Synopsis by Clarke Fountain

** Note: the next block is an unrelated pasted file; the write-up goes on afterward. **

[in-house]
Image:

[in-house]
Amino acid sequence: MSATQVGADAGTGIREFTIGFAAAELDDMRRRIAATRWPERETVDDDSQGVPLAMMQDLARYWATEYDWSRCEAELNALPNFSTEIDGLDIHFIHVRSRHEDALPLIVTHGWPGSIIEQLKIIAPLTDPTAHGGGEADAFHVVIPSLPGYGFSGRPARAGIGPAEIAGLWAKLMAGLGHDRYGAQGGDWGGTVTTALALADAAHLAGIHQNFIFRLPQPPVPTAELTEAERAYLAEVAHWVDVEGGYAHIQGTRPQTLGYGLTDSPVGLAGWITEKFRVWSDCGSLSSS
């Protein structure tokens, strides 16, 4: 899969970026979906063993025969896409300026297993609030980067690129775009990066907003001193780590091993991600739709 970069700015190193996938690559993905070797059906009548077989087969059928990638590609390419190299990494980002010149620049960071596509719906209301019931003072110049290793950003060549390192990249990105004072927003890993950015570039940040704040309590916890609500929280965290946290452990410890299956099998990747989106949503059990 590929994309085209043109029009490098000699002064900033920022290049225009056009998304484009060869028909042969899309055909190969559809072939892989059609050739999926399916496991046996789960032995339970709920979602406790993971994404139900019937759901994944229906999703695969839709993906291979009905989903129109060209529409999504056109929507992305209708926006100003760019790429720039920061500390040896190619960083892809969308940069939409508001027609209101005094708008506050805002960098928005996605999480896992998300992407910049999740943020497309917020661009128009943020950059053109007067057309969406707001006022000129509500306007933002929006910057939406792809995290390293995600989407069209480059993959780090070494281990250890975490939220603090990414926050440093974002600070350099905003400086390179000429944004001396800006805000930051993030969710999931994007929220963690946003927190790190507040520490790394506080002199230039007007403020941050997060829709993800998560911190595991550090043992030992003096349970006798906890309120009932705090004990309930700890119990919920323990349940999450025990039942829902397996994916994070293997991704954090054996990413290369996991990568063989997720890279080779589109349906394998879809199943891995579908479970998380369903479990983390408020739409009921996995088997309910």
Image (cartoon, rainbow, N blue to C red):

"Woodstock" was the name of a rock concert held in upstate New York in the U.S. in 1969. It defined an era and its attitudes, particularly those of questioning authority, and trusting and enjoying the members of one's own generation. Along with an admirable idealism, participants favored free love and a laissez-faire view of drug-taking. Little wonder then that authorities then and now have taken a dim view of the whole proceeding. This drama and political allegory was filmed during the waning days of Russian control over the Baltic state of Lithuania and is set in the year of 1972 among the youths of Vilnius (capital of Lithuania) who are inspired by that epochal concert (and the music and movie which made it a real event even for those who could not attend it). They have formed a club entitled "Hotel America," and they want to share some of the good feelings they heard of so many enjoying, and thus they have gathered informally at a campsite near a lake outside the capital. There, a scene much like that in upstate New York takes place. However, it doesn't take long for the authorities to catch wind of the gathering, and their response to it is not nearly as sanguine as that of the authorities in the U.S. Instead, heads are bashed (and shaved) and children are returned in disgrace to their parents. Despite that, many of the resilient youths of this film manage to carry on with their lives.